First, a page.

Haywood erosion enforcement shot down in courtWritten by Becky Johnson
- The Panthers’ role in a cathode ray tube crisis
- If Central Elementary closes, a private school might want it
- Blue-ribbon committee seeks balance in push-and-pull over Koch-funded center at WCU
- From the heart: Parents, teachers and students plead to save Central Elementary from closing
- Central supporters appeal for solution instead of closing
Landowners have won a lawsuit against Haywood County claiming they were victims of overbearing enforcement of erosion control laws.
Judge Laura Bridges issued her ruling this week, although the case was heard six weeks ago. Bridges ruled in favor of the landowners, Ron and Brian Cameron, who had sued the county to get out from under its erosion enforcement citing a state forestry exemption.
Landowners engaged in forestry are held to less stringent erosion standards than developers. Ron Cameron thinks the county’s erosion control officer Marc Pruett simply doesn’t like the fact that the state forestry exemption trumps the county’s erosion laws.
“Is his argument really with the forest exemption, and I am really just being used as scapegoat?” Cameron said in an interview this week. “Between our costs and the county’s costs, we have spent half a million so far arguing over whether Marc Pruett should have control over this land or the state forest service should have oversight of this land.”
The Camerons built a 1.5-mile road network on a 66-acre tract in the Camp Branch area of Waynesville, claiming it was for logging.
The county argued that the Camerons were merely hiding behind the logging exemption, however. The county claims the Camerons’ real intention was to develop the property, witnessed by the creation of a development master plan, registering a subdivision name with the county and applying for a septic tank evaluation.
Ron Cameron said he was merely exploring options. At the time he built the roads in question, his only motive was forestry, he said. Cameron points to the four different foresters he hired since buying the property six years ago as proof that he was interested in pursuing forestry. The county counters that he never did any logging other than cutting trees that lay in the path of the roads he built.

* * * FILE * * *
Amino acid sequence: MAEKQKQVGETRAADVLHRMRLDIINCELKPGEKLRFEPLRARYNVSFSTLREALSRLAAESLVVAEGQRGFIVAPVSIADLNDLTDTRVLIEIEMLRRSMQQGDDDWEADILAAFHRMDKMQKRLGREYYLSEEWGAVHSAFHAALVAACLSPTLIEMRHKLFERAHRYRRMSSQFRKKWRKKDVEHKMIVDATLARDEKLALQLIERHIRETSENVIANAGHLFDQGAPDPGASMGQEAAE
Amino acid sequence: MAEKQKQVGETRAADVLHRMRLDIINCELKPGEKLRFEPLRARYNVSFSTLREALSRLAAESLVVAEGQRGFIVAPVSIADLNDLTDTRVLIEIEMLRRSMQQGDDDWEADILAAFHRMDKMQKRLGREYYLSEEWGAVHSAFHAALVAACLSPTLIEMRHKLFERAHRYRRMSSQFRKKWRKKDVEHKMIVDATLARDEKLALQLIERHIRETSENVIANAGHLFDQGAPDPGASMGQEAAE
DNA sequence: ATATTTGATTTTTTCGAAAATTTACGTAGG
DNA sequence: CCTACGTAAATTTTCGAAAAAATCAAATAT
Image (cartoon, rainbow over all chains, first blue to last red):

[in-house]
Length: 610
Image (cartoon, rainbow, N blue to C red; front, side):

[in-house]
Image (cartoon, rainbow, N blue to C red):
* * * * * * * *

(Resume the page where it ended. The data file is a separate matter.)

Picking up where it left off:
Judge Bridges apparently wasn’t comfortable assigning hidden motives to the Camerons.
“The Camerons have not logged the property but neither have they developed the property,” Bridge wrote in her ruling. “There are no signs on the ground that a development is planned. No lots have been surveyed or staked. No subdivision roads have been created.”
Bridges, who toured the property as part of the trial, called the road network built by the Camerons “crudely constructed logging roads and not development roads.”
The county claimed the Camerons needed to bring their roads into compliance with the county’s erosion laws. After the Camerons filed a lawsuit protesting the county’s jurisdiction over their roads, the county responded with a retroactive $175,000 fine against the Camerons for refusing to come into compliance.
“The fine was issued in my opinion as an intimidation technique,” Cameron said in an interview this week.
Cameron is seeking his attorney fees and court costs in the amount of $260,000 to be paid by the county.
“We tried various ways to not let this progress this way,” said Attorney Jeff Norris, who represented the Camerons.
Cameron said he offered to drop the case and not pursue damages or attorney fees if the county would drop its fines and let Cameron return to his forestry exemption. The county would not let the Camerons walk away without bringing the roads up to county standards, however.
It is not yet known whether the county will appeal the ruling, staving off the Camerons’ demand for attorney fees barring a second ruling.
“The county is disappointed,” Chip Killian, the county attorney, said of the ruling. “We are looking at it closely and will have to make a decision whether to appeal or not.”
The county has to file notice of its intent to appeal within 30 days. The county could preserve its right to an appeal by filing notice within the window, buying time to work out the details of its appeal and make a final decision whether to go through one.
Both sides in the case have argued that a terrible precedent would be set if the other side won. If the county wins, landowners everywhere will shy away from logging for fear they could never change their mind without their motives being questioned and triggering retroactive fines. On the other hand, if the county loses, it would provide a road map for developers who want to exploit the forestry exemption.